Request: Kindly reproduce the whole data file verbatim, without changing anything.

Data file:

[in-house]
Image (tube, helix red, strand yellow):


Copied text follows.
[in-house]
Image (tube, helix red, strand yellow):